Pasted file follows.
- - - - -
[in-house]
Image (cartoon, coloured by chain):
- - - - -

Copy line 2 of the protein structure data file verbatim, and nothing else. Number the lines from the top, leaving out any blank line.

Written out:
Image (cartoon, coloured by chain):